Although Black Dog has spurted copious amounts of blood during the intermission, it becomes apparent during the frantic discussion of what to do with him that he is not, in fact, dead. He gets up and stumbles around long enough to growl more threats and demand a beer (because you have to have the beer-coming-out-of-the-gunshot-wound gag whenever possible). After another round of faceplanting, resurrection, and a moral crisis for Rob Bob who is faced with the reality that he shot an unarmed, quite possibly non--English speaking, and definitely confused man, Rob Bob finally siezes Black Dog's own knife and seems to have finished him off.

Their problems are far from solved, however, because Shirl's impotent fiance (he took an injury below the waist in defense of a bulk grocery store), who happens to be the deputy sheriff is on his way to the ranch to propose to her as he has done on the first of every month for the last 18. Faced with a man twice anyone's size, a kitchen full of blood, a screaming, pregnant punker thief, and a deputy on the way, our players get a little silly. With difficulty and some timely deployment of blood-soaked breasts, however, they get the corpse of Black Dog in the broom closet before Deputy Baxter Blue comes in.

As dim as Baxter is, and as distracting as Shirl's hypnoboobies are, her claim of a nosebleed doesn't hold up for long, and she is forced to accept his marriage proposal to keep him distracted. As he finishes a speech about his own merits, and then (with much prodding and reminding) Shirl's, Black Dog bursts through the broom closet door, growling about his need to eat them once again. Baxter unloads his revolver into him and, once again, Black Dog seems really most sincerely dead. Although Baxter, who seems actually to live by Rob Bob's much-vaunted Good Guy code, is determined to turn himself in, the others convince him that Black Dog was deeply depressed and wanted nothing more than to disappear. Furthermore, they assure him that, even though he shot an unarmed man who was only trying to make a joke, they will help him hide his crime in deference to his new staus as family.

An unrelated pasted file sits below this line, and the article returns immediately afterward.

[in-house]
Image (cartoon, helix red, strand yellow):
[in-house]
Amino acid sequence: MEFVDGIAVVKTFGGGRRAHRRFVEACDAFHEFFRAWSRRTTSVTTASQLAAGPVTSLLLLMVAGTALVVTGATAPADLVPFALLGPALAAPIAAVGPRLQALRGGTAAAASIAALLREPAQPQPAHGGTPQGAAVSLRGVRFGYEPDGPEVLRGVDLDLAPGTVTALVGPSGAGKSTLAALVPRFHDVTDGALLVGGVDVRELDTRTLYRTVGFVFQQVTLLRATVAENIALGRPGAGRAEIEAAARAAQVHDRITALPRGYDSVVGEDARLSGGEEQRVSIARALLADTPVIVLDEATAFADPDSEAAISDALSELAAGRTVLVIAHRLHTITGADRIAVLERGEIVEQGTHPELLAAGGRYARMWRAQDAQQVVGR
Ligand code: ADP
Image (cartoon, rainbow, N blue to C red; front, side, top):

Although they're still left with a body-disposal problem, things are now not so urgent, and Shirl reveals that she has the tools and aprons from her job at the slaughterhouse in her truck. They finish up the dismemberment and Baxter hauls the bags into his cruiser, preparatory to hiding them in the cistern at the station house. This done and just the housework to go, Big 8 gives Rob Bob and Shedevil her blessing to go off to his father's cabin.

But far from being the aging, castoff, Big 8 is revenged. As Rob Bob and Shedevil leave, Big 8 nixes his final guitar tune, but suggests that the ever-traditional Rob Bob carry his intended over the threshold, causing him to reinjure his back. When they're well gone, she then pulls out Shedevil's wad of stolen cash---enough to save the ranch and give Shirl a cut, too. Big 8 admits that she'll miss the loving, which gets harder and harder to come by, just as there is a knock at the door (or would be, if Black Dog didn't have something serious against doors), ushering in her next patient. Baxter comes in to say his goodbyes and tie up the last loose end: Since he shot Black Dog, he's been hard as a rock. The sisters spare a moment to shrug over their amorality (as Shirl says: They're just doing what they gotta to get by.) and to share a dance.

Staging in the round can be a Colbertian bear and a half, but obviously this company is more than comfortable in their arena. The set for this was sparse but realistic. The kitchen comprised a refrigerator, stove, sink with cabinets, and butcher block island with stools for rejected sex, interrupted sex, and the final stages of body dismemberment. There was also a round wooden table with four captain's chairs with a wood/antler/skin shade chandelier above it. Opposite the sink side of things was a wooden desk and rolling chair for storage of bourbon and cash. A soupcon of living room was achieved by a small end table with magazine rack and The World's Best Chair: Red leather with horse's head embossed in silver on the back, wooden arms supported on each side by half wagon wheels. A was quite scornful of the chair until I pointed out the job satisfaction that the props hound must have had when s/he first laid eyes on this beauty in some thrift store or friend's attic.